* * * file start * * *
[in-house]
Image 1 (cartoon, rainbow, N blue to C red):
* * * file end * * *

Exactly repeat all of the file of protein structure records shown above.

[in-house]
Image 1 (cartoon, rainbow, N blue to C red):